Columnists Features

Decentralisation in the health sector – Part I

Decentralisation with COREEN CHOOYE-MVULA
ZAMBIA is among the many developing countries which have embarked on decentralisation reforms of their administration systems in order to improve efficiency in public service and to strengthen local decision-making processes.
Decentralisation of functions to councils is one key reform programme that is currently being implemented by the government, with the ultimate goal of creating efficiency in service delivery.
By now, everyone is familiar with the decentralisation programme and these articles are meant to strengthen information sharing and stakeholder awareness raising in line with the Decentralisation Implementation Plan (DIP).
Reading the previous articles on decentralisation, one may have noticed that these were more general pieces of literature on decentralisation. However, with devolution having commenced by Circular No. 10 of 2014, the Decentralisation Secretariat will henceforth focus on specific sector reforms taking place in each sector within the context of devolution.
In this article, I wish to highlight salient issues in the health sector devolution process in order for the general public to appreciate the implications on assets, human and financial resources as we devolve functions in the sector. The Health Sector Devolution Plan is one of the 10 that were approved in May 2016.
A little background here to the health sector reforms will suffice and serve as a key to link the decentralisation reforms. As we already know, in November 1993, the Government of the Republic of Zambia approved the Public Service Reform Programme with the focus to improve public service delivery.
One of the ways to achieve this was through implementation of decentralisation and strengthening of local government. The Ministry of Health responded to the reform programme and formulated its policy to reform the health sector and officially launched it in 1994. The policy introduced a decentralised system leading to the establishment of four types of health boards, namely the Central Board of Health, District Health Board, Hospital Health Board and Area Health Board in 1995, supported by the National Health Services Act of 1995.
Although the health boards have since been abolished following the repeal of the Act, the management of the health sector has remained decentralised, with the health management teams still in control.
As such, the MoH is among the key ministries including the Ministry of General Education and Ministry of Agriculture that have taken the lead to decentralise functions to councils. The decentralisation undertaken then was by deconcentration. The health sector is now ready for decentralisation by devolution as provided for in the republican Constitution.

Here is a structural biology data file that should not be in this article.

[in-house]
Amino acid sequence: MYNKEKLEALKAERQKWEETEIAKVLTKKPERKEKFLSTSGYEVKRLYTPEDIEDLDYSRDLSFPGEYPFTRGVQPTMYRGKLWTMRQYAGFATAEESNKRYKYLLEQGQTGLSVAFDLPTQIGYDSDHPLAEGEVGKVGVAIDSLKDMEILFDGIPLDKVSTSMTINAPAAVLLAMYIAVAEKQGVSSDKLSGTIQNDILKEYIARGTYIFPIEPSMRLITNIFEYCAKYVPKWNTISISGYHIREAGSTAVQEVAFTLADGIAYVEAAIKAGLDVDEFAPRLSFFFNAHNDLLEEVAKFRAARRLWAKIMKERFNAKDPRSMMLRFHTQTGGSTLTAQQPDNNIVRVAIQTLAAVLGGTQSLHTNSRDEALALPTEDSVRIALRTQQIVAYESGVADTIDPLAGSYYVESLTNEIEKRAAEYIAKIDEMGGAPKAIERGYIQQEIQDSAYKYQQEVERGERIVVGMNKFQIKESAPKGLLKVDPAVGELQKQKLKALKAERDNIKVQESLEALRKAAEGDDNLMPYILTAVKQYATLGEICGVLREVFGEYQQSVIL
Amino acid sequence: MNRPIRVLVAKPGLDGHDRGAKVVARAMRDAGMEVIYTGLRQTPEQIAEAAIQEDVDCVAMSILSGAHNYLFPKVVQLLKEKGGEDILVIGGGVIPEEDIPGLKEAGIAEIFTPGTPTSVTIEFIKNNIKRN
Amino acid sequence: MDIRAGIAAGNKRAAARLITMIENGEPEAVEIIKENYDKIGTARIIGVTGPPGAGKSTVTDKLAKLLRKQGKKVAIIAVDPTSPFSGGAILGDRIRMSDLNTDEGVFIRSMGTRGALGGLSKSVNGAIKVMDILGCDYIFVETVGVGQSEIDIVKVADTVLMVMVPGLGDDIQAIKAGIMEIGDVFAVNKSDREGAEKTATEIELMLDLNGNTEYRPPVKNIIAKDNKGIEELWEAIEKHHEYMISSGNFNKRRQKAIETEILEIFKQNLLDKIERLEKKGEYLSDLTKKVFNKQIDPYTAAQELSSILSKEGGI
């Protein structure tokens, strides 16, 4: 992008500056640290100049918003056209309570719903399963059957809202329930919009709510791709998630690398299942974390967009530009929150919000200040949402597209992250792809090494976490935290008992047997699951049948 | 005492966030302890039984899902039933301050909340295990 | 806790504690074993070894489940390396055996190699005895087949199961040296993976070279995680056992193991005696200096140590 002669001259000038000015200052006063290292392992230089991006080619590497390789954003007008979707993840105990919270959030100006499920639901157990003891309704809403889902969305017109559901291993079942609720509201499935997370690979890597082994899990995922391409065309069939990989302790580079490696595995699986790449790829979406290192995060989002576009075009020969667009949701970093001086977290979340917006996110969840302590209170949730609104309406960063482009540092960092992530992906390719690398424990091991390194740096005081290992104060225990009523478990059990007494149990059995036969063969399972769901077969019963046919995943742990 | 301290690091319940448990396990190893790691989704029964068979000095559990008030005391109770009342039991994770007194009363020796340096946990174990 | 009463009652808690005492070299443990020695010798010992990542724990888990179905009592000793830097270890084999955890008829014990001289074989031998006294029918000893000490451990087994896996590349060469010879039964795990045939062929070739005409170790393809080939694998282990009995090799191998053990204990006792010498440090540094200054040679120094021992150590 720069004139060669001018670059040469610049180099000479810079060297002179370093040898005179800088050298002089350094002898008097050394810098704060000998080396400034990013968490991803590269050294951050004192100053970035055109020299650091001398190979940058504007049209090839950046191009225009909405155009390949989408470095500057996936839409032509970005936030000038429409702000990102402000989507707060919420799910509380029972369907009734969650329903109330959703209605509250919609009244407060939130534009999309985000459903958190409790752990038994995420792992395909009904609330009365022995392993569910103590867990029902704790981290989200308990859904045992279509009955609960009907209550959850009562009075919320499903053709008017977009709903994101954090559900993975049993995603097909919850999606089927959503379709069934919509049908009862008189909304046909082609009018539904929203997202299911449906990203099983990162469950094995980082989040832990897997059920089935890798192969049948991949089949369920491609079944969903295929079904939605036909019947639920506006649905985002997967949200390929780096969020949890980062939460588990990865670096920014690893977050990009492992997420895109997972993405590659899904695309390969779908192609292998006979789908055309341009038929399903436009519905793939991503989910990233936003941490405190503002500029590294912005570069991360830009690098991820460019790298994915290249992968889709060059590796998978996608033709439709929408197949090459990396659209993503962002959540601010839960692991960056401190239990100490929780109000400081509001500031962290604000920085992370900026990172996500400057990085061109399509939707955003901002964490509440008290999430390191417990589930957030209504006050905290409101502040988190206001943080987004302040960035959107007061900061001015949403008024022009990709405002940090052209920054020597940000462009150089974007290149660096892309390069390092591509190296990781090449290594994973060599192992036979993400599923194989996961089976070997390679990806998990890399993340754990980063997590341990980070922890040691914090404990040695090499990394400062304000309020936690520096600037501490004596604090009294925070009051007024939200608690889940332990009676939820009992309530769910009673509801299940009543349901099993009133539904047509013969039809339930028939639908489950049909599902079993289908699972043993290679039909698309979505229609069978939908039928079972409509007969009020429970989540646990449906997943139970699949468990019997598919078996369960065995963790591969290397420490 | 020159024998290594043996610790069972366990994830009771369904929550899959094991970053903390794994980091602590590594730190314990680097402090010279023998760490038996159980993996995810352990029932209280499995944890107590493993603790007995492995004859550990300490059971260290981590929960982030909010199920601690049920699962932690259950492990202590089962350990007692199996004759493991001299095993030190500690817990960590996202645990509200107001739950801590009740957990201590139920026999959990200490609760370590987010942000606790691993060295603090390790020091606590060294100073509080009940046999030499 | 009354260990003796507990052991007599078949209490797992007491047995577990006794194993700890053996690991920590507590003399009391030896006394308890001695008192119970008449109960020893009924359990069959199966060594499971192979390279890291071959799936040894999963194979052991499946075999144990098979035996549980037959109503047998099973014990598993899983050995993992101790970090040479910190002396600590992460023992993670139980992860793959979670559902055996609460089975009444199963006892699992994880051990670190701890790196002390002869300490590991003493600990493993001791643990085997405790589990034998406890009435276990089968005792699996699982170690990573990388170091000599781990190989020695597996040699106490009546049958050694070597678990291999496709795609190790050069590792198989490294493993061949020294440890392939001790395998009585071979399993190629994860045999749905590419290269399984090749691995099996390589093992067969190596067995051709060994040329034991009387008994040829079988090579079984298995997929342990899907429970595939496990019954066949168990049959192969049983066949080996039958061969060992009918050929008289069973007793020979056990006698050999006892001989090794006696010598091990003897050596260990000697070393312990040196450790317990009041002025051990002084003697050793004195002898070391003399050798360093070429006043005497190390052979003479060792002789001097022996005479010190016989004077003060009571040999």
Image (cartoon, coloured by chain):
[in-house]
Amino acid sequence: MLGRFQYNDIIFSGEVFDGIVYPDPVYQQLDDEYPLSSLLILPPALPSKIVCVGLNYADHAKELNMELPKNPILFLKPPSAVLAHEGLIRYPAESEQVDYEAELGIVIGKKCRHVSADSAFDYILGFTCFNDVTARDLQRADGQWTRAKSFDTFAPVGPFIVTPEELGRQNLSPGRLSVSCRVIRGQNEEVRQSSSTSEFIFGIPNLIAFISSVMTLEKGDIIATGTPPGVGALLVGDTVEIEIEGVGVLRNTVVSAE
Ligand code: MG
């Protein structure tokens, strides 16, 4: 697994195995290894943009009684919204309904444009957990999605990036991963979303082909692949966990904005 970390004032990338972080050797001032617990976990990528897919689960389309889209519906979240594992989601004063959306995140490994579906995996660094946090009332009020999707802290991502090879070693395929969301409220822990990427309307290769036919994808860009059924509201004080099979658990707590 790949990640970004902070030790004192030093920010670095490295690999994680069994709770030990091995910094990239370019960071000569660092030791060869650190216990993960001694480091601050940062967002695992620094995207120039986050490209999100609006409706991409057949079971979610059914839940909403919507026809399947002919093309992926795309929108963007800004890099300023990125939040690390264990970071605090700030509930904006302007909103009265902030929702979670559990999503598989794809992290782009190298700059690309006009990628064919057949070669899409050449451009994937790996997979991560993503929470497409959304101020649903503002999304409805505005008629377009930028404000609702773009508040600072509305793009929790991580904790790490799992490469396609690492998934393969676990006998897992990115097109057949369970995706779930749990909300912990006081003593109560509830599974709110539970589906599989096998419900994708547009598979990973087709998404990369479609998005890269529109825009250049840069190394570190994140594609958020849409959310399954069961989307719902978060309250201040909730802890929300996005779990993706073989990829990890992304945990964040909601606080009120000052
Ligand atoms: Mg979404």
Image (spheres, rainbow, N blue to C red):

To further strengthen service delivery, the government in 2002 formulated the National Decentralisation Policy and launched it in 2004 as one of the ways to implement the Public Service Reform Programme. In order to implement this policy, an implementation plan was also formulated.
The plan, known as the Decentralisation Implementation Plan or popularly known as the “DIP”, comprises 10 components, of which Sector Devolution is one of them. Both the policy and the DIP have since been revised to be in tune with the aspirations of the Patriotic Front (PF) government, which is in a hurry to see that the plan is implemented according to the policy.
The Health Sector Devolution Plan for Primary Health Care (PHC) that was developed by the Ministry of Health and approved by Cabinet Office in May 2016, exemplifies the seriousness with which the government through the ministry attaches to the implementation of the policy, both of which focus on the principle of devolution.
Devolution entails the transfer of authority, specific functions, human and financial resources from central government ministries, departments and agencies to councils – through legal provisions.
In line with the National Decentralisation Policy and the DIP and, as required by the Sector Devolution Guidelines issued by the Decentralisation Secretariat, the Ministry of Health has identified the functions which should and have been transferred to the councils.
It has also assessed the implications or changes that the process of devolution is likely to have on both the Ministry of Health and the councils in relation to policy and legislation, staffing, funding and assets, and organisational structure of both institutions.
It is a fact that the health of individuals and communities, to a large extent, is determined by the environment and circumstances in which they live and operate. These factors include the social and economic environment, the physical environment and the person’s individual characteristics, behaviour and circumstances.
The above factors are commonly referred to as ‘determinants of health’ or conditions that make people healthy or not. These include factors such as the state of the environment, standard of shelter, levels of household income and economic well-being, access to safe water, sanitation and other basic needs, access to essential food and nutrition, levels of literacy and education, social, cultural and religious beliefs and practices.
Decentralisation is meant to further improve the delivery of public health services to eliminate most communicable diseases and to meet the minimum requirements of a healthy human being.
The desperate health situation in Zambia provides an understandable justification to the decentralisation of the primary health care function to councils. The importance of community participation in decision-making in the health sector cannot be overemphasised.
The author is assistant director (communications)Decentralisation Secretariat Cabinet Office
Tel: 0211-226787

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